Released in June 1967, Moby Grape became infamous at once when Columbia chose to release eight of its 13 cuts simultaneously on 45s, confusing radio DJs. Only the frenetic “Omaha” charted. The record also came with a poster of the band and a front-cover photograph that featured Stevenson with his middle finger extended (later airbrushed out). Amid the furor, the actual music was virtually ignored.

Moby Grape’s second album, Wow, was similarly derailed by gimmickry; it contained a track that could be played only at 78 rpm and a “bonus” LP, Grape Jam, that included Al Kooper and Mike Bloomfield. Moby Grape then disbanded but re-formed as a quartet soon after, without Spence, and commemorated the event with Moby Grape ’69. This set a pattern of breakup, re-formation, album, breakup that continues until this day. Before 1995, the members were legally forbidden from using the name Moby Grape; over the years they came up with such imaginative permutations as Maby Grope, Mosley Grape, the Melvilles (as in Herman Melville, author of Moby Dick), and the Legendary Grape. Miller, Lewis, Mosley, and Stevenson carried the project into the early ’90s. Mosley, who was homeless in the middle of the decade, was occasionally gone. A 1998 tour featured Miller, Lewis, and Mosley but not Stevenson.

Absent from these reunions was Spence, a diagnosed paranoid schizophrenic who showed signs of mental illness during the Moby Grape’s original run. On tour, he once broke into Stevenson’s room, claiming that voices had told him the drummer was possessed by the devil; by 1968, he’d been committed to New York’s Bellevue Hospital. In 1991, while a resident of a residential-care house in San Jose, California, he contributed a song, “All My Life I Love You,” to a cassette by Miller, Stevenson, Mosley, Lewis, and two new musicians. This ’90s version of Moby Grape opened shows for another reunited California band, the Doobie Brothers (whom Spence allegedly named). In 1993 Spence joined the other original members onstage for a Bay Area gig. That year’s release of a CD retrospective, Vintage, brought this now-revered Moby Grape more attention than it ever received during its lifetime.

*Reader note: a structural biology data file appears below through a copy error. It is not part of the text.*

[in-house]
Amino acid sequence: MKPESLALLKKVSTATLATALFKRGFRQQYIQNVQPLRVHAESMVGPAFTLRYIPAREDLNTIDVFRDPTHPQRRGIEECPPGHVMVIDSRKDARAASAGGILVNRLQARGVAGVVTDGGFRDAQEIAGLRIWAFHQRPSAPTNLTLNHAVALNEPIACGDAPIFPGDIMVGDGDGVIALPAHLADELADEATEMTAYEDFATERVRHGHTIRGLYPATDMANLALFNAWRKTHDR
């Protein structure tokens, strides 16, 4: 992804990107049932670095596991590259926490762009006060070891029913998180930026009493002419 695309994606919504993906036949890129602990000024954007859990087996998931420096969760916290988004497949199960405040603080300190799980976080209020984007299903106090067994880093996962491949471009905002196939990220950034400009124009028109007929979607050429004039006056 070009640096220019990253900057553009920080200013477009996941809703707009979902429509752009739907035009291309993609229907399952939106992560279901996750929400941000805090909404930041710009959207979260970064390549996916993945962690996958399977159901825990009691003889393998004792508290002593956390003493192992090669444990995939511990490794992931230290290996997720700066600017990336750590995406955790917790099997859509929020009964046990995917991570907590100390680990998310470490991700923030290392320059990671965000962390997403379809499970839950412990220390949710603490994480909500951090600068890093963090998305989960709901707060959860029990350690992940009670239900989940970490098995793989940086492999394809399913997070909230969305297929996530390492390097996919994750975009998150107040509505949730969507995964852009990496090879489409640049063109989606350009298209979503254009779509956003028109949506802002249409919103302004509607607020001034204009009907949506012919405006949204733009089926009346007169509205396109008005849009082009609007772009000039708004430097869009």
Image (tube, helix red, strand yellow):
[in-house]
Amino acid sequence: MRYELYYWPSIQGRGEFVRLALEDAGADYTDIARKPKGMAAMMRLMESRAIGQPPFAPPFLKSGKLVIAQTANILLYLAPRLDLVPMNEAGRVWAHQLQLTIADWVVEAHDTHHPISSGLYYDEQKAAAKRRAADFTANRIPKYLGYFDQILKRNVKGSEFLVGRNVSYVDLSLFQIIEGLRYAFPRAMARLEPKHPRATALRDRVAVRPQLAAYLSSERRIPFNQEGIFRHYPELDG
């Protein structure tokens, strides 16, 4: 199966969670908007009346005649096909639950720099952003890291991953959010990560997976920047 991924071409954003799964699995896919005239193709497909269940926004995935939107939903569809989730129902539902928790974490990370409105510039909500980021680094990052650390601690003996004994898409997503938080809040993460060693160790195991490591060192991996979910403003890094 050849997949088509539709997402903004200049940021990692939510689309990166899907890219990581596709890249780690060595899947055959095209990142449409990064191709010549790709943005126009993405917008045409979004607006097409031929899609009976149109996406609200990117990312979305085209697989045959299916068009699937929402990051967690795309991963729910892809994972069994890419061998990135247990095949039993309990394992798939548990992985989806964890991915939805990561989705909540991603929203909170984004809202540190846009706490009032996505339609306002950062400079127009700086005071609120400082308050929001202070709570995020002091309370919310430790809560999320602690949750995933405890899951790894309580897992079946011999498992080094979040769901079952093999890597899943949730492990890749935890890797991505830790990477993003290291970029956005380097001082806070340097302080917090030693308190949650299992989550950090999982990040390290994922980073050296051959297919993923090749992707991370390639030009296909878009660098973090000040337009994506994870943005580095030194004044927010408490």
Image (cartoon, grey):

Spence’s stark, darkly eccentric 1969 solo release, Oar, became a sought-after item in the late ’90s. Shortly after the performer’s death in 1999, Birdman Records issued More Oar: A Tribute to Alexander “Skip” Spence, a song-for-song cover of the album featuring acts ranging from Beck to Tom Waits to Mudhoney. The original LP was reissued with 10 bonus tracks that year as well.

This biography originally appeared in The Rolling Stone Encyclopedia of Rock & Roll (Simon & Schuster, 2001).

The Continuing Saga of Moby Grape

The Continuing Saga of Moby Grape
Moby Grape

Moby Grape

http://www.rollingstone.com/music/artists/moby-grape/biography

 

 

 

Venue

Poor House Bistro
91 South Autumn Street
San Jose, CA 95110 United States
+ Google Map
Phone:
408-29-BLUES (25837)
Website:
http:www.poorhousebistro.com